Rule 1: Your VMs must be "highly-available" to be "live migrated" to another cluster node

When you have a clustered VMM server, your VMs can be placed on there in a number of different ways (via Hyper-V, VMM, or PowerShell) but generally they will exist as "highly available" (HA) or "not highly available". In order to be HA, the VM has to be running on a cluster shared storage disk. If you import / create a VM and store it on one of the cluster node's local disks (one not shared by other cluster nodes), then your VM will not be HA. Therefore, it cannot be moved to another cluster node using live migration.

If you perform a "Disable-VMHost" command or put a host into maintenance mode, any non-HA VM will automatically be put into Saved mode. This will cause anyone connected to that VM to be instantly cut off until the VM comes back online. Given that the patch download and install process can take anywhere from a few minutes to an hour (depending on the number/sizes of the patches), this could be a bad thing for your users. You will need to account for these VMs before running your Disable-VMHost command and manually move them off to other hosts if you want to minimize the downtime.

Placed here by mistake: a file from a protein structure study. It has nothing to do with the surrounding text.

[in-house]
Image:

Here's a quick PowerShell script that can help you determine if there are non-HA VMs running on the cluster (any node of the cluster):

$vms = get-vmhostcluster -name "clustername" -vmmserver "vmmserver" | Get-VMHost | Get-VM | Where-Object {($_.IsHighlyAvailable –eq "False") -and ($_.Status -eq "Running")}
This single line of code will return a VM object (or objects, or nothing) representing all of the VMs on the cluster that are not HA and are also running. By running this prior to putting the cluster node into maintenance mode, you can make sure you are not accidentally cutting off access to VMs.

Rule 2: Your VMs must be running to be "live migrated" to another cluster node